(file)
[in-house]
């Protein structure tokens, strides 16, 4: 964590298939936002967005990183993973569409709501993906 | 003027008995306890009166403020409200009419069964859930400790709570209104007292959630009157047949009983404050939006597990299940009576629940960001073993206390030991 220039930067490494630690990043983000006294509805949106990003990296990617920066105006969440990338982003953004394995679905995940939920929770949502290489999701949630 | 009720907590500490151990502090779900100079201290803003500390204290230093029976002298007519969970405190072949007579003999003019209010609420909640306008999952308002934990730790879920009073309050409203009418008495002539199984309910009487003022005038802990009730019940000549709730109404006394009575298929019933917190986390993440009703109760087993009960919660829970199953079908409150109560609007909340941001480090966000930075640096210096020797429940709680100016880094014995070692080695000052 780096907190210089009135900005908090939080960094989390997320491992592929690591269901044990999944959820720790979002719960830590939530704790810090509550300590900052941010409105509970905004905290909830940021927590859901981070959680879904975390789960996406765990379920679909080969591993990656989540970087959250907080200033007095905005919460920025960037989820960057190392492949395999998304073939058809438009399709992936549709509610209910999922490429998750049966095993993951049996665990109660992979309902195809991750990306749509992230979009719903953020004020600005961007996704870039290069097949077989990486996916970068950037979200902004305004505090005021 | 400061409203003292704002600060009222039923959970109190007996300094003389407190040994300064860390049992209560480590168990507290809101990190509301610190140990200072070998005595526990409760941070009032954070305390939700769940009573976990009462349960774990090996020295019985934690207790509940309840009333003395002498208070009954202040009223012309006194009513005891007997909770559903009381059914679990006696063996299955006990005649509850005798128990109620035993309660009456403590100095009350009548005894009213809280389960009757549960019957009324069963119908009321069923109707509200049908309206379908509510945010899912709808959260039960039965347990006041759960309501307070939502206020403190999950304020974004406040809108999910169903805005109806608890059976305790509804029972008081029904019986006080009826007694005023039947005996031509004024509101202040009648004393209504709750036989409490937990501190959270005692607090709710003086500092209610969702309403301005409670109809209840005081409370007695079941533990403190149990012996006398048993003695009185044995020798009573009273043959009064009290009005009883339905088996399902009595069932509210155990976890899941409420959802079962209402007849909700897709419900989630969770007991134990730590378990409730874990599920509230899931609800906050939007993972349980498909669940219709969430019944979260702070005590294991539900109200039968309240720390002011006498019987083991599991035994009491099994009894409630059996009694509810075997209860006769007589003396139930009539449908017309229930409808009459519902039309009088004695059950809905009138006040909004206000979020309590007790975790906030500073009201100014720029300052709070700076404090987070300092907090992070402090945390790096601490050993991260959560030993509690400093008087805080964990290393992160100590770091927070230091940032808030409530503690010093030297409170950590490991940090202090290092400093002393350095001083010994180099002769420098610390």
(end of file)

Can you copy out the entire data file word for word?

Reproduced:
[in-house]
């Protein structure tokens, strides 16, 4: 964590298939936002967005990183993973569409709501993906 | 003027008995306890009166403020409200009419069964859930400790709570209104007292959630009157047949009983404050939006597990299940009576629940960001073993206390030991 220039930067490494630690990043983000006294509805949106990003990296990617920066105006969440990338982003953004394995679905995940939920929770949502290489999701949630 | 009720907590500490151990502090779900100079201290803003500390204290230093029976002298007519969970405190072949007579003999003019209010609420909640306008999952308002934990730790879920009073309050409203009418008495002539199984309910009487003022005038802990009730019940000549709730109404006394009575298929019933917190986390993440009703109760087993009960919660829970199953079908409150109560609007909340941001480090966000930075640096210096020797429940709680100016880094014995070692080695000052 780096907190210089009135900005908090939080960094989390997320491992592929690591269901044990999944959820720790979002719960830590939530704790810090509550300590900052941010409105509970905004905290909830940021927590859901981070959680879904975390789960996406765990379920679909080969591993990656989540970087959250907080200033007095905005919460920025960037989820960057190392492949395999998304073939058809438009399709992936549709509610209910999922490429998750049966095993993951049996665990109660992979309902195809991750990306749509992230979009719903953020004020600005961007996704870039290069097949077989990486996916970068950037979200902004305004505090005021 | 400061409203003292704002600060009222039923959970109190007996300094003389407190040994300064860390049992209560480590168990507290809101990190509301610190140990200072070998005595526990409760941070009032954070305390939700769940009573976990009462349960774990090996020295019985934690207790509940309840009333003395002498208070009954202040009223012309006194009513005891007997909770559903009381059914679990006696063996299955006990005649509850005798128990109620035993309660009456403590100095009350009548005894009213809280389960009757549960019957009324069963119908009321069923109707509200049908309206379908509510945010899912709808959260039960039965347990006041759960309501307070939502206020403190999950304020974004406040809108999910169903805005109806608890059976305790509804029972008081029904019986006080009826007694005023039947005996031509004024509101202040009648004393209504709750036989409490937990501190959270005692607090709710003086500092209610969702309403301005409670109809209840005081409370007695079941533990403190149990012996006398048993003695009185044995020798009573009273043959009064009290009005009883339905088996399902009595069932509210155990976890899941409420959802079962209402007849909700897709419900989630969770007991134990730590378990409730874990599920509230899931609800906050939007993972349980498909669940219709969430019944979260702070005590294991539900109200039968309240720390002011006498019987083991599991035994009491099994009894409630059996009694509810075997209860006769007589003396139930009539449908017309229930409808009459519902039309009088004695059950809905009138006040909004206000979020309590007790975790906030500073009201100014720029300052709070700076404090987070300092907090992070402090945390790096601490050993991260959560030993509690400093008087805080964990290393992160100590770091927070230091940032808030409530503690010093030297409170950590490991940090202090290092400093002393350095001083010994180099002769420098610390």